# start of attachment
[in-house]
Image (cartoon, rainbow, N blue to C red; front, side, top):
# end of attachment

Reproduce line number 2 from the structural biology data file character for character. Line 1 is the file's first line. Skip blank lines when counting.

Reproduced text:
Image (cartoon, rainbow, N blue to C red; front, side, top):